La cocina en reposo a esa hora el café - Juan Gelman
Thursday, September 12, 2019
sobre tus pechos la cocina
reposo a esa hora el café
hirvió el hablar en voz baja
molestar a la dulzura de nuestros
temblaban o brillaban
especie de luz como el cuchillo que
estaba en tu mano
Nicolás Guillén, La Holandesa y el Arbolito Cubano
Wednesday, September 11, 2019
un arbolito cubano apostado en la esquina de Lavalle y Florida. Hablé con él a
fondo sobre dos temas. Uno sobre el gran poeta cubano Nicolás Guillén.
|La holandesa - Guillermina Van Der Linden y José Carlos Romero Vedía|
Empecé la línea:
Con tanto inglé que tú sabía,
completamos el delicioso poema que al decirlo
en voz alta sale con acento cubano.
TÚ NO SABE INGLÉ
Con tanto inglé que tú sabía,
con tanto inglé, no sabe ahora
La mericana te buca,
y tú le tiene que huí:
tu inglé era de etrái guan,
de etrái guan y guan tu tri.
Bito Manué, tú no sabe inglé,
tú no sabe inglé,
tú no sabe inglé.
No te namore ma nunca.
si no sabe inglé,
tema de nuestra charla es que al estar parado con frente a las actividades
callejeras de esa importante intersección entre Lavalle y Florida, Yosvany ve de
lunes a sábado de 5 a 9 el conjunto de tango que allí desarma a los transeúntes
con sus firuletes, sacadas y voleos. Por lo tanto algo sabrá sobre el tango.
Mr. Murphy & Mr. Patterson
Tuesday, September 10, 2019
After almost 70 years of traveling, I marvel at the fact that
travel forces one to get organized.
As a freelance photographer in Vancouver the first thing in
my mind before going on an assignment was the fact that any kind of failure
meant elimination from the roster of useable photographers in the offices of
This meant that I always took two of everything, just in
case. I remember that once in Calgary for a magazine assignment, the body of my Mamiya RB failed. I did not despair and had a taxi go to a hock
shop to pick up a used one which I purchased on the phone with a credit card.
In photography some of us swore by Patterson’s Law of
Photography in which an unknown Patterson stipulated that Mr. Murphy of Murphy’s
Law was indeed an optimist.
Going to Buenos Aires in a few days means that I have to
think of spare batteries for my two digital cameras, brand new storage cards
that I have previously formatted, a charger for those batteries, and because I
am taking a very good portable studio light, spare cables, modeling light bulbs
and an extra flash tube.
All that would be for naught if I didn’t also think of the little
device that sits on my camera and connects via a wire to the studio light.
Should the battery in it fail there would be no way of firing the flash.
Changing the spare battery implies using a very small Phillips (a Canadian
probably related to Patterson) screwdriver. And so it goes.
The reason for my concern is that this man (me) does not usually shootweddings
but I am in a way shooting one. My niece Milagros (complete first name
María de los Milagros) O’Reilly is getting married in a sumptuous church
wedding and after the ceremony the reception will be at the ultra-neo-baroque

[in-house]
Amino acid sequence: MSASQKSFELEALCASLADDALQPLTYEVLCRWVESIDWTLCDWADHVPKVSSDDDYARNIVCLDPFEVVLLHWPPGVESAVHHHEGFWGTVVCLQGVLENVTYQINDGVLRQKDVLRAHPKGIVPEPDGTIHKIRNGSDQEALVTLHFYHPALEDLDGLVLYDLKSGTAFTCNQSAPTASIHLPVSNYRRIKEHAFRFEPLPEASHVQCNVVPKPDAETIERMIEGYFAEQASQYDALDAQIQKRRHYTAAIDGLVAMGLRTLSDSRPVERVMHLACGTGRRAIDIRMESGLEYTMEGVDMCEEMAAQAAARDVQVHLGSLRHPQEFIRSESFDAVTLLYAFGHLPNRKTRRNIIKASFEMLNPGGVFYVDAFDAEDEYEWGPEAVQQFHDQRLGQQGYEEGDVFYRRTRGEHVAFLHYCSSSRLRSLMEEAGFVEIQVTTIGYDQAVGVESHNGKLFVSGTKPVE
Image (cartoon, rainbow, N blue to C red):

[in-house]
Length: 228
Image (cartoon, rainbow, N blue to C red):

Círculo Militar opposite la Plaza San Martín. When Argentine generals had
command of the nation (most of the 20th
century) they may have
plotted their coups and revolutions over good wine surrounded by luxury. Now
the generals are no longer an important part of governing Argentina so the
(as Argentines say as a most negative epithet of them)
must resort to renting out the place.
I remember when I was a conscript in the Argentine Navy that there was a scandal courtesy of the visiting Prince Phillip who cornered some generals and asked them, "When are you chaps going to have the next coup?"
I plan to stay out of the way of the
official photographer and will look for a nice corner to take my shots of the
couple and then with Mili’s four sisters and then with Mili’s four sisters and
brother and who knows what else I will be asked to shoot.
My Rosemary inherited (I don’t quite understand exactly how)
my grandmother’s talent for compact packing. She will pack and the morning of our
flight out of Vancouver I will take Niño and Niña to the Kerrisdale Feline
Hilton, While this breaks Rosemary’s heart she knows that they take care of
them well even though they do not get breakfast in bed.
Today I was the first to show up at Indigo on Broadway
and Granville, to pick up Margaret Atwood’s latest. You can guess where I will read it. The other book I written by my Manhattan friend Jerome Charyn. With a 14 hour flight from Toronto to Buenos Aires, these two books will be good company,
La Cuarentona Inspires
Sunday, September 08, 2019
In my years as a photographer I have had the good fortune of
meeting many people (quite a few were women) who inspired me to take
photographs and to push the limits of what previously had been a safe
photographic style. Some of these people were very good magazine designers/art
directors who refused to pigeon-hole me into a type.
Some of the best memories I have (with negatives and slides
to prove that they were real) were of actors, directors, politicians, rock
musicians, musicians, cops and hoods. But because I am an avid heterosexual
photographer I can sometimes go up to a striking woman and say, “I would like
to photograph you.”
Fortunately I am not a plumber as I could not approach such
a woman and say, “I would like to show you my plumbing jobs.”
Out of the blue I was contacted by a beautiful woman about
to be 40 who feels she needs to record how she looks now.
As a 30, 40 and 50 year old I used to get many requests for
such endeavours. At age 77 the only phone calls I receive demand I contact the Canadian
Revenue Service at my peril.
When Courtenay did eventually show up at my door I was
overwhelmed by unusual beauty, presence and intelligence.
It is the latter that will be the most important factor in
what I hope will be an ongoing collaboration.
The photograph seen here, a Fuji Instant Print is the first photograph I took of Courtenay.